We're four weeks into Pat Shurmur's NFL head coaching career and the latest Browns reboot. And as much as patience is called for in times like these, you've really got no more to cling to for hope than you did before the season started ("West Coast Offense," "philosophical unity," "In Holmgren We Trust," "pass the phenobarbital").
Yes, the Browns are 2-2 — the franchise's best start since 2007's gift from the schedule makers. But at this point it's hard to imagine that there's a team in the NFL worse than the Miami Dolphins or the Peyton Manningless Indianapolis Colts — unless it's the Browns, who needed fourth-quarter comebacks to overcome both of those crippled (and still winless) units.
So far the Browns have faced one opponent that can be labeled without controversy as outside of the league's bottom six: the 3-2 Tennessee Titans, who came to Cleveland in Week 4 and turned a 21-6 halftime lead into a 31-6 margin and a half-empty stadium midway through the third quarter. Of course, we could feel better about this if the Titans hadn't followed up on their decimation of the Browns by taking a 38-17 beating at the hands of the Steelers, not to mention that the Titans' other loss was to the now 1-4 Jacksonville Jaguars.
Most troubling about the Tennessee trashing is what it might reflect of the new coaching staff's ability to game plan against an opponent with a more talented roster. Throughout the offseason, we heard players like Joe Haden and Mike Adams excitedly explain that the new defensive schemes to be employed are less complicated and would allow the Browns to "play faster."
But we can only assume that "think less/play faster" schemes have a lower ceiling than those that are more complex. And also that it was the higher-ceiling schemes of the previous regime that allowed last season's Browns — unquestionably less talented than this year's edition — to confuse Hall of Fame quarterbacks like Tom Brady and Drew Brees in consecutive dominant upset performances.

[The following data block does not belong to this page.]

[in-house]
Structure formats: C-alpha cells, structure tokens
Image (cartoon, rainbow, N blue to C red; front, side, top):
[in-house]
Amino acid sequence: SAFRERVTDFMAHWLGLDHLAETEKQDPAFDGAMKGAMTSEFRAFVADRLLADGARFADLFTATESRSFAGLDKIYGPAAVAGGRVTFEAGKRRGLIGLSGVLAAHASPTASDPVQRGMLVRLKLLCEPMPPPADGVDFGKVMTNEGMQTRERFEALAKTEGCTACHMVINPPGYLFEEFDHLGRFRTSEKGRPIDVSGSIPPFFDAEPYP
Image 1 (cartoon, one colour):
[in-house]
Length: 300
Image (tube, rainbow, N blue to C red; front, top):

The contrast between those 2010 wins over the Patriots and Saints, and the recent loss to the Matt Hasselbeck-led Titans — who picked apart "think less/play faster" to the tune of 192 yards and two touchdowns on 11 Browns blitzes — is fairly discouraging.
It's especially discouraging because Shurmur came into a situation more favorable by every measure (locker room, roster, and organizational stability) than the mess that Eric Mangini took on in the wake of Camp Crennel. If an NFL head coach was ever going to hit the ground running, why wouldn't it be Shurmur, who took over a team in its third year out from a full-scale rebuild and was widely recognized last season to be one of the league's toughest outs? Fully accounting for the differences in talent, and the state of the locker room and organization, there's an argument to be made that the loss to the Titans was worse than any that ever went down on Mangini's watch.
But who wants to make that argument? As much as Mike Holmgren insisted the Browns would make no excuses related to a lockout-shortened offseason (and as much as the same hasn't seemed to slow down the new coach of the 4-1 San Francisco 49ers, Jim Harbaugh), we are still talking about a brand-new head coach working with one of the league's most inexperienced rosters. We still have 12 weeks of football left to panhandle for the nuggets of hope we need to get us through another long offseason.
This Sunday, the Browns head to Oakland to take on the Raiders — and, as the luck of a Browns fan would have it, the ghost of Al Davis — in the Raiders' first home game since the passing of their legendary owner. Then it's back home against the surprisingly plucky Seahawks, who will be fresh off their bye week.
So until next time ... West Coast Offense ... philosophical unity ... In Holmgren We Trust ... pass the phenobarbitol.
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